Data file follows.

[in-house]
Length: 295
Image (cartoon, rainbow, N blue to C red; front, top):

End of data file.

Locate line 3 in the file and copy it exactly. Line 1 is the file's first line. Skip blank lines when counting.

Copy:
Image (cartoon, rainbow, N blue to C red; front, top):